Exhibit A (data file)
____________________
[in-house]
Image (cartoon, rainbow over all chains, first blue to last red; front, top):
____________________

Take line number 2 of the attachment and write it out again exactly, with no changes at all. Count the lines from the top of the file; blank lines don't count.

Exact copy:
Image (cartoon, rainbow over all chains, first blue to last red; front, top):